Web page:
Here is one way to move the anchor (and hence all notes located around the anchor, like a scale or chord). If the Toolkit isn’t showing in the left column of emuso, click on the Toolkit button.

  1. Turn on “Move” (click the small circle to its left). Use the triangular drop down to its right and choose “left click moves shape”
  2. Click the string and fret you want the anchor to move to.

If you want to create or delete a note, here’s how

  1. Turn on “Edit” (click the small circle to its left). This turns off “Move”. Choose “left-click creates new note or deletes note”
  2. Use left-click to create or delete as many notes as you like

If you want to create the same-named note everywhere (for example, all the C’s in all octaves on the instrument), here’s how

  1. Turn on “Edit” (click the small circle to its left). This turns off “Move”. Choose “left-click empty location to create its pitch class or delete note’s pitch class”

We call all the C’s in all octaves the “pitch class of C”.  “Move” is used to move the entire pitch class, by moving the anchor.

2. How do I create a scale (e.g. C major)

There are three parts to this.  You locate the “anchor” on the guitar (e.g. at C3), discussed in the section “Using the mouse, the anchor”.  If you don’t know where named notes are located on guitar (piano) check out “How do I find notes on guitar?“.  Then you choose major scale from the toolkit, resulting in a C major scale built around the anchor location, discussed in the section “How do I choose different scales”.

If you want the C major scale, you’d locate the anchor on some C and then create the scale.  Or move an already created major scale to some C.

“Can I listen to the scale’s chords?” shows how to do this.  See “What about using different tunings?” for how to do this.

3. How do I choose different scales?

Enter the Toolkit.

  1. Use the triangular drop down next to the scale family to choose the family.  A menu appears
  2. Choose a scale from that menu or close the menu by clicking at its top on “Scale menu – close”.
  3. Until you choose another scale family, the Scale button will present that same menu.

Emuso remembers the most recently created scale, until you create another one. This is especially useful for exploring and creating chord progression using “Chord-X”.

4. Can I listen to the scale's chords?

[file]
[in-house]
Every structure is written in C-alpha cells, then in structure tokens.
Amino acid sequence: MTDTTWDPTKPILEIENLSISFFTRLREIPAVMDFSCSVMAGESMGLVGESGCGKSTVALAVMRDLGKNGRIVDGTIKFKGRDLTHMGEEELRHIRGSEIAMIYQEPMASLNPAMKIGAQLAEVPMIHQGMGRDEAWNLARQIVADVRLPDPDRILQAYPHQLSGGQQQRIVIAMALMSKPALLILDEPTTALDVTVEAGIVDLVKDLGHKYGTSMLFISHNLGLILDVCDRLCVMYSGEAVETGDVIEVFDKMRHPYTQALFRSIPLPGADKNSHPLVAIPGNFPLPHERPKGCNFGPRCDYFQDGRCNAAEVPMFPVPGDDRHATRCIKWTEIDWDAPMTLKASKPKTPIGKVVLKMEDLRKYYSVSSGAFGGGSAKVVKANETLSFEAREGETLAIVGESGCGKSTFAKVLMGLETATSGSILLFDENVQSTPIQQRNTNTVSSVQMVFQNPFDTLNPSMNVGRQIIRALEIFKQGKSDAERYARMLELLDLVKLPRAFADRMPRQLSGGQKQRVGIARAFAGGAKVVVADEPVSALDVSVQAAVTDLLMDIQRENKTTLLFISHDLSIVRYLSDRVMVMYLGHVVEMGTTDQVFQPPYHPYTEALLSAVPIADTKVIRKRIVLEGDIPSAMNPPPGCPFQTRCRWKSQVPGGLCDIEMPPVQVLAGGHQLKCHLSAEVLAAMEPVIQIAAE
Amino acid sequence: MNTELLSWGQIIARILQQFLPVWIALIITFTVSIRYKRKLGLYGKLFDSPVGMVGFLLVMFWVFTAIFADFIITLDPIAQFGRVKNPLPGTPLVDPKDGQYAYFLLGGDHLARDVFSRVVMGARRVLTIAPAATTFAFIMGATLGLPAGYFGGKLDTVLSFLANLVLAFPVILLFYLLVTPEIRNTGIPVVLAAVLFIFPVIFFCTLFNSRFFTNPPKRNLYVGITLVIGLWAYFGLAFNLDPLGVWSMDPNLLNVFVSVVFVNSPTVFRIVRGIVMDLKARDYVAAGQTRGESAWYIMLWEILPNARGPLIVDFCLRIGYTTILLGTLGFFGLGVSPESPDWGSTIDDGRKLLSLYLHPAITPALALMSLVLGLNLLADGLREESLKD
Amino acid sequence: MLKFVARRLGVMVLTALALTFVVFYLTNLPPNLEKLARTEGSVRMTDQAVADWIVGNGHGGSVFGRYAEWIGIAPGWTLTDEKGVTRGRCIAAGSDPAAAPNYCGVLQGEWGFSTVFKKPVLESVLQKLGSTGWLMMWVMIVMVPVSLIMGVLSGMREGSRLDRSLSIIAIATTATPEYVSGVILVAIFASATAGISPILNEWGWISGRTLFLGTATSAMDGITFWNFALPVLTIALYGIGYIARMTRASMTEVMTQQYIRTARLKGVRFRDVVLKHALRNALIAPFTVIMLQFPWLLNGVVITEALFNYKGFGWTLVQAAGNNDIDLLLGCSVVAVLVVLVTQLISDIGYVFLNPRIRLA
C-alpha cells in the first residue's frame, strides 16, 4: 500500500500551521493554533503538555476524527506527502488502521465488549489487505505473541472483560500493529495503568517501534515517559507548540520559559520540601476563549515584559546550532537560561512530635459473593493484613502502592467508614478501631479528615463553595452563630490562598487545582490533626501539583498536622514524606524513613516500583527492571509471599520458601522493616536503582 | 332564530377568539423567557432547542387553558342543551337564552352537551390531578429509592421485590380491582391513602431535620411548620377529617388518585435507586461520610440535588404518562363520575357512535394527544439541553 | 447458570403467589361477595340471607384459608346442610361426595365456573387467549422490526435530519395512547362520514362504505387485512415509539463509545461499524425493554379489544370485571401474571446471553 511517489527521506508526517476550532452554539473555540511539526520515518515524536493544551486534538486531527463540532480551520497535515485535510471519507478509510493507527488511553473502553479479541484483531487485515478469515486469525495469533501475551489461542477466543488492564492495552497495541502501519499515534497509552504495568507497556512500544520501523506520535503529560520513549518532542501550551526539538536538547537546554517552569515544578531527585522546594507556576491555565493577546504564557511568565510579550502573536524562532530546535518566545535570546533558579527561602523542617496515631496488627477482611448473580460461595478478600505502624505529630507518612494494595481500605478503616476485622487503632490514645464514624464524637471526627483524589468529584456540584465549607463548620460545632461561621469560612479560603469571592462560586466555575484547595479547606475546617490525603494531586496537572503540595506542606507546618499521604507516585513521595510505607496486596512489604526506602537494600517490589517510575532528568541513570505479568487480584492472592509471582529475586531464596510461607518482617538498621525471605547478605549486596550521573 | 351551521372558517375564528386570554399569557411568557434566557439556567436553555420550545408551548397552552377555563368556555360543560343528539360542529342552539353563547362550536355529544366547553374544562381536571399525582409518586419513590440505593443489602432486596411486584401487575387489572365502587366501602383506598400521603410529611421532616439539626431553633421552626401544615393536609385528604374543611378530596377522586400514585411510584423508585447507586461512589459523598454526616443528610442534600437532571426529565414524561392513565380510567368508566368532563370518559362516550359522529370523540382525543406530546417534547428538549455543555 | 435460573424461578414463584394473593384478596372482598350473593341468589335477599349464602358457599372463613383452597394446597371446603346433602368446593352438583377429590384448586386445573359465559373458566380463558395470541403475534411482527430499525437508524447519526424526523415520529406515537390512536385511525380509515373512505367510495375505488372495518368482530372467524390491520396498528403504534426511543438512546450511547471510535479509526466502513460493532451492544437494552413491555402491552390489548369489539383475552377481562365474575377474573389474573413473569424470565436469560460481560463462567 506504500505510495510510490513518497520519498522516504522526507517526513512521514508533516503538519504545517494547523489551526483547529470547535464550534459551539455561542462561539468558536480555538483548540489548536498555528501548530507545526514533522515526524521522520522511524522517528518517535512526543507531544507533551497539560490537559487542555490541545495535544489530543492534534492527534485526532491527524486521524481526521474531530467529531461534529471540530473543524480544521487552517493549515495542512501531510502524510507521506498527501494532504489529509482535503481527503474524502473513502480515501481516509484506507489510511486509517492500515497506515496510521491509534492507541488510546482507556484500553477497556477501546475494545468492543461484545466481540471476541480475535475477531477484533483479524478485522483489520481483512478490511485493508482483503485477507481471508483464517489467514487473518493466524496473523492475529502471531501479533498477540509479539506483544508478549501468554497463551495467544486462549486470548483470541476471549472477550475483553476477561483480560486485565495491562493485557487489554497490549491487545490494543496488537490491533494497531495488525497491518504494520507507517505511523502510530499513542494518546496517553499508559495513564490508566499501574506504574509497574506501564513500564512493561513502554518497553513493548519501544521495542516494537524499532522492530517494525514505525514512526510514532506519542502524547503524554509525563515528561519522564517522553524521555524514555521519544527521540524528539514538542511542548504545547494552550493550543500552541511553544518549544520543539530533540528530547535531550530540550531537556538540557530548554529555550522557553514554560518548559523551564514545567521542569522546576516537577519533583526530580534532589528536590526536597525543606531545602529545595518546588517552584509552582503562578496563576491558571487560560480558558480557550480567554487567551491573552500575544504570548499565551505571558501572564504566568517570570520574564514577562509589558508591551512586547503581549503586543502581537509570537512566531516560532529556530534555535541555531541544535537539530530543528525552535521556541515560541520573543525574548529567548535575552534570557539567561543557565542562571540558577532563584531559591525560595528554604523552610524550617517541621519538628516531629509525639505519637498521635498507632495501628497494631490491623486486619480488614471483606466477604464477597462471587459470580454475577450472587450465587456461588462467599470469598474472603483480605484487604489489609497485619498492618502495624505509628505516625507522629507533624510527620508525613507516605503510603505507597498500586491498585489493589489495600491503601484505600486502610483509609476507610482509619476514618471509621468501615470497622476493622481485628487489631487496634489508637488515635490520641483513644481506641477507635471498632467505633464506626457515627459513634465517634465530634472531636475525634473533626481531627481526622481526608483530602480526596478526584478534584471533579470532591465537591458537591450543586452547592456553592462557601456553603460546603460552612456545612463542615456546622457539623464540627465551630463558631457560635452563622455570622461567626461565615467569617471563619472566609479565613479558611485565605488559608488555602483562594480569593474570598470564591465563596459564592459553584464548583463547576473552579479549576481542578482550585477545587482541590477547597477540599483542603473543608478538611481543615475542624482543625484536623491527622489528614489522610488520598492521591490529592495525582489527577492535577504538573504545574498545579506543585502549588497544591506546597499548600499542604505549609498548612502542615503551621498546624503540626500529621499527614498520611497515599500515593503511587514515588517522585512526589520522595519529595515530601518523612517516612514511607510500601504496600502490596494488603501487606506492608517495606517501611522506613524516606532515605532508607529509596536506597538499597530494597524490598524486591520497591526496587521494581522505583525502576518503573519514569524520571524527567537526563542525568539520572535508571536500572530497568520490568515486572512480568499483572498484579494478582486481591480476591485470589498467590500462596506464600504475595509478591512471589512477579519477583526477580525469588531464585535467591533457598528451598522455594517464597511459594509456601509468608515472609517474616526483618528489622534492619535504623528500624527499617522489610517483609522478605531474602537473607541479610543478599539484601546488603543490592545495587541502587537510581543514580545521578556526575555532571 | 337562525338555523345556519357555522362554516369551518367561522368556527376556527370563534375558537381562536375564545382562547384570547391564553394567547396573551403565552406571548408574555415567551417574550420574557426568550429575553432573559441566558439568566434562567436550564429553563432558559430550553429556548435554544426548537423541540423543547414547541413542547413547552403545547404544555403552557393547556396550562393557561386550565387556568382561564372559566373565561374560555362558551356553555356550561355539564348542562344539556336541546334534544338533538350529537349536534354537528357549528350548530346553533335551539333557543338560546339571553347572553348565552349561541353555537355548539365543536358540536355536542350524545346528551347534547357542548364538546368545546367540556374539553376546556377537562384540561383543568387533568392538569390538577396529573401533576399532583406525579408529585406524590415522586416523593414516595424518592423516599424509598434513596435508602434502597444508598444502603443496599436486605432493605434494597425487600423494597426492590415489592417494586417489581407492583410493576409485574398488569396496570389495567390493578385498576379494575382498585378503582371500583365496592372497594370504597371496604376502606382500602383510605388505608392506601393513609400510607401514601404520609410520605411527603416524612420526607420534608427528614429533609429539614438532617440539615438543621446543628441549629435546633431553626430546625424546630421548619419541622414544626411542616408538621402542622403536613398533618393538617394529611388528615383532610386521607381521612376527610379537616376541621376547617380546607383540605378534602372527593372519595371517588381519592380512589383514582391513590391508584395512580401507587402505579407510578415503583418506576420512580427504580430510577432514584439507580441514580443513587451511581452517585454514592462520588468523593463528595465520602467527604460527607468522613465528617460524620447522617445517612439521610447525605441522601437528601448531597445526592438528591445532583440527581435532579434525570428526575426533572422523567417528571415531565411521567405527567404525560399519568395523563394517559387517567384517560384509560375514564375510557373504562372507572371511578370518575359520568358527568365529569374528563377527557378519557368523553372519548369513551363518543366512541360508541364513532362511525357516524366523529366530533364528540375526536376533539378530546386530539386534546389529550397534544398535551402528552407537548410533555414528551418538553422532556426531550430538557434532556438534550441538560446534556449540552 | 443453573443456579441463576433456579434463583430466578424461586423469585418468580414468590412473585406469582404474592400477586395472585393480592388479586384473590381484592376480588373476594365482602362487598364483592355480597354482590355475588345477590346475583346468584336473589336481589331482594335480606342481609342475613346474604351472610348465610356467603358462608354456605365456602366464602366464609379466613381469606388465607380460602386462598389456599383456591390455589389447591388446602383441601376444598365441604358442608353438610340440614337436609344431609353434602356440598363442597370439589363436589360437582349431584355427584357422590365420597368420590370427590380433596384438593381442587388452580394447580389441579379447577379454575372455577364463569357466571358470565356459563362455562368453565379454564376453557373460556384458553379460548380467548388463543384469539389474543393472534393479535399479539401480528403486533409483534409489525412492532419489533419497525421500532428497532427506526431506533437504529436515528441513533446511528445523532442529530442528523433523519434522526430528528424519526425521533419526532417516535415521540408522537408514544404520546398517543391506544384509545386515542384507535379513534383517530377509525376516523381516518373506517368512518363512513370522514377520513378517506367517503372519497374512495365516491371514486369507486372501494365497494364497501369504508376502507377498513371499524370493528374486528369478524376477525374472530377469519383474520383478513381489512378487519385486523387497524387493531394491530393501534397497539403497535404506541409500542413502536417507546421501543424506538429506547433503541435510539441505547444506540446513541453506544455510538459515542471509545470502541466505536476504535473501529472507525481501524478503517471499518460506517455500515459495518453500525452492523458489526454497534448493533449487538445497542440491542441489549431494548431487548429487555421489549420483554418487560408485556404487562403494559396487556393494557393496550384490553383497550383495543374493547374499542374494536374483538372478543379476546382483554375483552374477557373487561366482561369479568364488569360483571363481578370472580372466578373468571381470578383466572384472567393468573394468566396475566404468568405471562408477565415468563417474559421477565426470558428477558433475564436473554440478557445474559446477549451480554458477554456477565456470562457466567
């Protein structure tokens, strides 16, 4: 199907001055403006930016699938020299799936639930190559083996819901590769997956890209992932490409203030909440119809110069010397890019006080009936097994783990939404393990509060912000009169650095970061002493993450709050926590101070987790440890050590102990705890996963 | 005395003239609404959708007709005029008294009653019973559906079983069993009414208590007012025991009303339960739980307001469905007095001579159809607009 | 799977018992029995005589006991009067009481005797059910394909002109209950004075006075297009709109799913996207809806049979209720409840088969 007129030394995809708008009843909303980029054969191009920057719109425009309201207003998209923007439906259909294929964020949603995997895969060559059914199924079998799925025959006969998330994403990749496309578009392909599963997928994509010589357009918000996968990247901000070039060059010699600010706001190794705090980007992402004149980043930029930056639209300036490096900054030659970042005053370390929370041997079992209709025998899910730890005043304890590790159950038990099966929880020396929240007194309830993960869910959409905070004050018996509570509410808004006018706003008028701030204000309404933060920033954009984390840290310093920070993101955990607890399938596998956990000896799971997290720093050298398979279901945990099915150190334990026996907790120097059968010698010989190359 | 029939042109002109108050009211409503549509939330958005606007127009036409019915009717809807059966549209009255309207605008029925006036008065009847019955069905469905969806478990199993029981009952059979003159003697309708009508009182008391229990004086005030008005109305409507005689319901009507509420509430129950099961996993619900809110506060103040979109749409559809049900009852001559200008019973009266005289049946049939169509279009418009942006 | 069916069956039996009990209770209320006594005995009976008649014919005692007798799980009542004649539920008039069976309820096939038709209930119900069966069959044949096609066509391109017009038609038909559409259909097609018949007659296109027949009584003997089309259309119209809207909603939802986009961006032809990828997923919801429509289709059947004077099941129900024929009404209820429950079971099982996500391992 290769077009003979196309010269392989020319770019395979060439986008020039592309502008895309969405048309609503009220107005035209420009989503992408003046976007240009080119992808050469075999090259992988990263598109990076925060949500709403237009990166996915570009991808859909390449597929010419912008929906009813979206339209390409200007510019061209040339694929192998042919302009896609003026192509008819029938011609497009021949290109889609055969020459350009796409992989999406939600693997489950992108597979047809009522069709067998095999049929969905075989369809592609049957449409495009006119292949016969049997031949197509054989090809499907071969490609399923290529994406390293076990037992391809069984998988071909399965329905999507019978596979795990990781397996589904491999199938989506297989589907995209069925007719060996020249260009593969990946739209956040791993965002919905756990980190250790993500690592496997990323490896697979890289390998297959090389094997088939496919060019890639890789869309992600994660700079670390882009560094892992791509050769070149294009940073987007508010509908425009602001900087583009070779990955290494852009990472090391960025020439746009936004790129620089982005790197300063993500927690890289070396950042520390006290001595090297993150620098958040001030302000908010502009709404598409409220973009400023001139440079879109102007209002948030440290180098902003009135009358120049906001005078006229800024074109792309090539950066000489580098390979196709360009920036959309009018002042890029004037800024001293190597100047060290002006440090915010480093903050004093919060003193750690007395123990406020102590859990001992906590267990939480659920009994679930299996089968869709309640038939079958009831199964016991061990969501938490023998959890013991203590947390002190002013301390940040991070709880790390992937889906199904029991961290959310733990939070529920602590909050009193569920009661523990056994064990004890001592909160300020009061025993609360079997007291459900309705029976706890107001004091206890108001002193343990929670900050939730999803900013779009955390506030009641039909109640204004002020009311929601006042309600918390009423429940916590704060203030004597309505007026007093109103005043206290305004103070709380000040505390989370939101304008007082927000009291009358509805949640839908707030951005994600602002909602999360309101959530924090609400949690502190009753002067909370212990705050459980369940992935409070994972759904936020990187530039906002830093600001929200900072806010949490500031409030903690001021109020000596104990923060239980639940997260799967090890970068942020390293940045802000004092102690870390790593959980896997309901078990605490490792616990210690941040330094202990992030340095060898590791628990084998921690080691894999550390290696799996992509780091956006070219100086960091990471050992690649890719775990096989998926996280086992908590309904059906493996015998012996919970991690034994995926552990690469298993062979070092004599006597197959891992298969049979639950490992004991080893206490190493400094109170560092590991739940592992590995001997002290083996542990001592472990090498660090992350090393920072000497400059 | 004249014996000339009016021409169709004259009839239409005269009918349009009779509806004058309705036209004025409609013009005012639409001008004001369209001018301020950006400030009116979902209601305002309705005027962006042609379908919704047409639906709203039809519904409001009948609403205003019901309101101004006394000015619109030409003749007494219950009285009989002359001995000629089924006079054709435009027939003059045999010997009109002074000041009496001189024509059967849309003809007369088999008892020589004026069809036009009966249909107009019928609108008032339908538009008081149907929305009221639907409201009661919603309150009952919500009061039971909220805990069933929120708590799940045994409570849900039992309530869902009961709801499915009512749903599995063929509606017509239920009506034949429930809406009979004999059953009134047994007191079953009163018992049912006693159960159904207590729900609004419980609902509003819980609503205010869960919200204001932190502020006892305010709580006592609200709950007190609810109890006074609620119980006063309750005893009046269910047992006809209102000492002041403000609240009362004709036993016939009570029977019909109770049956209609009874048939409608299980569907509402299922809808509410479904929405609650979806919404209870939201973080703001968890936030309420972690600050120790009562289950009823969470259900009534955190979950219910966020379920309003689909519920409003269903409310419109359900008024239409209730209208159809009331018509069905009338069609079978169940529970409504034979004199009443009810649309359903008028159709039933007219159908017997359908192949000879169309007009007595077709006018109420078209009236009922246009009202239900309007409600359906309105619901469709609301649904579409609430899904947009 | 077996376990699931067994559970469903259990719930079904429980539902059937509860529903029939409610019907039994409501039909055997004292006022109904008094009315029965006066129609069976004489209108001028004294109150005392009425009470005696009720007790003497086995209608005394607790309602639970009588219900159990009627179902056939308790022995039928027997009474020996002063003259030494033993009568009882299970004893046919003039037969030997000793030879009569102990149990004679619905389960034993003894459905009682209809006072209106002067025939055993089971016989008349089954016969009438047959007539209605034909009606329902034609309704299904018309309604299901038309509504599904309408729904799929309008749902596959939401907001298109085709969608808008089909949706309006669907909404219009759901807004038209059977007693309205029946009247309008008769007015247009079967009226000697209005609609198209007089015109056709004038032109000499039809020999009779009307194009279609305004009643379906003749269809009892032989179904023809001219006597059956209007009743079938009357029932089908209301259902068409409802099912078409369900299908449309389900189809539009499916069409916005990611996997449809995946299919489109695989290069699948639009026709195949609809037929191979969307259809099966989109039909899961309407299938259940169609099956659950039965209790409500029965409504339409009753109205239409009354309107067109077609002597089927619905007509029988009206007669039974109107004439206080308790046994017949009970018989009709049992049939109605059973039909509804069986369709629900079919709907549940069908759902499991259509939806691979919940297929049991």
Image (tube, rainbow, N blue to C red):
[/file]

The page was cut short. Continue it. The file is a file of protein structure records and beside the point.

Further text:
Enter the Toolkit if needed.

  1. While the scale is on-instrument, hold down the ALT- key and move the mouse (no buttons down) over a scale note.  It will play the the notes of a chord rooted at that scale note.  By default, this chord is a triad (uses 3 notes of the scale). Emuso chooses the nearest of these notes , provided they are visible.

If you want to hear more complex chords found in the scale, click the triangular drop down next to “Gen-X” in the toolkit. This gives you several choices.


5. What about using different tunings?

Enter the Toolkit if needed.

By default, standard tuning is used (E, A, D, G, B, E).  You can set up emuso to either show string numbers (1 being the top, treble string) to the left of the “guitar’s” nut, or show the names of the notes created by each open string (that is, by the nut “fretting” the string instead of your finger).  Use “Settings > Show tuning info”.

You change the tuning with the Tuning button.  You can make your own or choose some that come with emuso.

This presents a tool that lets you tighten or loosen each string by some number of semitones, provided the tuning heads are “unlocked”.  It also shows the note name for each open string, and if you press and hold the mouse on one of these note names, you’ll hear its sound as long as the mouse is pressed, so you can tune your guitar.

As the tuning is changed, so the notes on the “guitar” move around to where the need to be in this tuning,  For example, if you create a major chord in standard tuning, rooted on the bass string, this changes shapes to a vertical line across the frets when “open E” tuning is selected.